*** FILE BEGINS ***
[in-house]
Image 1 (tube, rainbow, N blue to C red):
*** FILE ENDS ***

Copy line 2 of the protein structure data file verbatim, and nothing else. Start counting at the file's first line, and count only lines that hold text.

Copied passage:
Image 1 (tube, rainbow, N blue to C red):